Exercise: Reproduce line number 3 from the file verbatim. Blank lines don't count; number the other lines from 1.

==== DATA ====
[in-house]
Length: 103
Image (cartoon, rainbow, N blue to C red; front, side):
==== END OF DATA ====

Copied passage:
Image (cartoon, rainbow, N blue to C red; front, side):